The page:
Lay out all the items and the bid sheets so people can see them.  Tape the bid sheets down next to the item.  It’s easy for bid sheets to get blown or knocked around. 

Monitor the table to make sure bid sheets are staying in place and people are providing all their personal information and following the minimum bid and minimum increase rules.

Give people plenty of warning as closing time approaches.  Make announcements at least 10 and 5 minutes before closing the bids.  People will want to bid right up to the very end. 

When the bidding time ends pick up all the pens and sheets so no one can be sneaky. You can circle the winning bid and draw a line through the empty spaces of the bid sheets, so no one can add their name after the closing time.

Sort the sheets by last name (winner) in alphabetical order.  If anyone has won more than one item, staple those sheets together.  That way you only need to have them pay once.

Call your bidders (winners) up one at a time by name for them to make payment.  Payment can be made by cash, check, or credit card.  When paying by credit card it is important that you write down the card number and expiration date.  You can also contact Chris Wassel for information about using FIRST's Intuit credit card reader.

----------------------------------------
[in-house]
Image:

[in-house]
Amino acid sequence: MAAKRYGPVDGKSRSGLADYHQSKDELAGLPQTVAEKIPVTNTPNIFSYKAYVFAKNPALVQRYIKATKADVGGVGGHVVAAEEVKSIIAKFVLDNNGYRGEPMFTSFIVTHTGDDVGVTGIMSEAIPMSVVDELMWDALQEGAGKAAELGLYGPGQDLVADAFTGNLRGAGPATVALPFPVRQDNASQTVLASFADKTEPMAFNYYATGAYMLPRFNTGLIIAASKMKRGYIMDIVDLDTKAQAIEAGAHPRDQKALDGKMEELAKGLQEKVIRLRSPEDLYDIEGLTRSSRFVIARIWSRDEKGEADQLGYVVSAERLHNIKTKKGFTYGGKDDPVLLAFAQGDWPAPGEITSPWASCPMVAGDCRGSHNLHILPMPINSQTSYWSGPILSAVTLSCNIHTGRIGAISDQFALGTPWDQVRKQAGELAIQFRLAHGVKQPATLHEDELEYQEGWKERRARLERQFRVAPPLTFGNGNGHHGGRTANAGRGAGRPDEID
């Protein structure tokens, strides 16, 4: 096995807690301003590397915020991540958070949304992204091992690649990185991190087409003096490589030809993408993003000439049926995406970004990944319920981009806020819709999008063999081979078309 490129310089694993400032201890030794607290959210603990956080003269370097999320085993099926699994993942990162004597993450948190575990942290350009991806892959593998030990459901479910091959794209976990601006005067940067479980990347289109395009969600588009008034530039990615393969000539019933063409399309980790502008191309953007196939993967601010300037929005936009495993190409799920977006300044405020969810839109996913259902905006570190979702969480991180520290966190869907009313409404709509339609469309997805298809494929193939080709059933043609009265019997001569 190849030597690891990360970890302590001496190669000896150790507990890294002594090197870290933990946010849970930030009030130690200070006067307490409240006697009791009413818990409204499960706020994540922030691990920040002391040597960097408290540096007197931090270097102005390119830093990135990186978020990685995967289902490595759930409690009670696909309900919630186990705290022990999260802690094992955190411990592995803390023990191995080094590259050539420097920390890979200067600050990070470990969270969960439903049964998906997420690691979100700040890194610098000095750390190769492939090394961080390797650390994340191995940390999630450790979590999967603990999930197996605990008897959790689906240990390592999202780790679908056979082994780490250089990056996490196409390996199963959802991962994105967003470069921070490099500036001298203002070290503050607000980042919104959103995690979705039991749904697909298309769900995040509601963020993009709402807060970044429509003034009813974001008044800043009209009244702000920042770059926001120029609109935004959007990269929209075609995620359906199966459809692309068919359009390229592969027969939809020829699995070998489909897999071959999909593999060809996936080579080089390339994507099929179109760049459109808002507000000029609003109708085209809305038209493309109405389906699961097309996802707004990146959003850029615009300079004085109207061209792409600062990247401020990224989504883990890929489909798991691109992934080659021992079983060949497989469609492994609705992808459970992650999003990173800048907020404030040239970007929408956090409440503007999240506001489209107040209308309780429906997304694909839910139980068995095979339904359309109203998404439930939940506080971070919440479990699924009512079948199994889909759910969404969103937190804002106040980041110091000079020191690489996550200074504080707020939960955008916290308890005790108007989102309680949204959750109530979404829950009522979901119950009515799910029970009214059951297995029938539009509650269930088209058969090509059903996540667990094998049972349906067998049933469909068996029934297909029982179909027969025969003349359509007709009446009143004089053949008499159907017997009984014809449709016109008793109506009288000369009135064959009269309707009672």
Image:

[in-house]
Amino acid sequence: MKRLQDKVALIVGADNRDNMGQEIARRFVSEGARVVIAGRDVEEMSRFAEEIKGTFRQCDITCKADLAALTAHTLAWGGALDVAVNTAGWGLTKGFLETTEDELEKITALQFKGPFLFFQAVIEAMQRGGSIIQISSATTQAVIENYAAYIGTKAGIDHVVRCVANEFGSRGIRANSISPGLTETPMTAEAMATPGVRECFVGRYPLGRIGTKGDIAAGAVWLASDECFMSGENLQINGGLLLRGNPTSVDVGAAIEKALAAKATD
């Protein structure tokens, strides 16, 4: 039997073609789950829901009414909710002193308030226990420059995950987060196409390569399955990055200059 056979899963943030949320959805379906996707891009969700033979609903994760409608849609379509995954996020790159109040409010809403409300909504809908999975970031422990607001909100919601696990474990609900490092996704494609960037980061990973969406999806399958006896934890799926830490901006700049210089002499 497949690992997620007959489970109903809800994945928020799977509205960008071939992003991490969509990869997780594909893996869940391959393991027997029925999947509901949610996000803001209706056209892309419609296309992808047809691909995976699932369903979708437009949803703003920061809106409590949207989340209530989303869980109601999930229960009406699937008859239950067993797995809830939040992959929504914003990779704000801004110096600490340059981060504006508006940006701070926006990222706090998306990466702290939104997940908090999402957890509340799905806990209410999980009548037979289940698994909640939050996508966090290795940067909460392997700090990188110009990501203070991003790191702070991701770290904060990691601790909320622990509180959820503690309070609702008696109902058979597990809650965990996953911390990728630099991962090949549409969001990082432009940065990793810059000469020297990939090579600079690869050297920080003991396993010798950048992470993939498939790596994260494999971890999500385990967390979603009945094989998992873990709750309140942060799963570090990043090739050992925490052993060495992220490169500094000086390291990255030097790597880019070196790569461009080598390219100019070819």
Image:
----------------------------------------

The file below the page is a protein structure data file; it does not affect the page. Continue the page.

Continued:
If there are leftover items, from people who went home and don’t know they won, you will have to take the gifts home and call the winner from the phone number listed on your bidding sheet. You may have people who don’t want to pay for the things they bid on.  Call the next person on the bid sheet and see if they still want the item.

Things you’ll need:

  • Bid sheets
  • Masking tape or packaging tape
  • Transparent tape (for taping bid sheets to table)
  • Painter’s tape to hang signs on walls (painter’s tape is much less likely to peel paint from the walls when taking things down
  • Markers
  • Pens (Lots of these on hand! At least one for every bid sheet).
  • Whiteout tape, not liquid
  • Tables

Combine with Others Try to coordinate some fundraising activity in conjunction with other local fundraisers or civic organizations, such as the Rotary, Lions, and Kiwanis’ Clubs.  Other groups who support community projects include the Boy Scouts, Girl Scouts, 4-H Club, etc. While you may have to share the money raised, you may also reach a wider section of the community, which may lead to a better financial outcome than if you chose to ‘go it alone.’

School Fundraiser The success of any school fundraiser is based on the support from the school administrators and parental support.  The first hurdle is to work with the school’s staff to figure out the best way to raise awareness for ichthyosis and raise funds.

  • Host a bake or candy sale. 
  • Volunteer and organize a teen dance where a percentage of the admission ticket will be donated to the Foundation. 
  • If the students are required to wear a uniform, have all students donate $1.00 to ‘dress-down’ on a Friday.

The Holidays The holiday season is a time of good cheer and sharing, and a good time for fundraising. People are in the mood to spread their good fortune and what better way to spread their good fortune than to help FIRST? People spend a lot of money at this time of year-on presents, decorations, travel and many other reasons.